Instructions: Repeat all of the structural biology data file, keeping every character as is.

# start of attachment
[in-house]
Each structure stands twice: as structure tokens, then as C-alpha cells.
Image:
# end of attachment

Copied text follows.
[in-house]
Each structure stands twice: as structure tokens, then as C-alpha cells.
Image: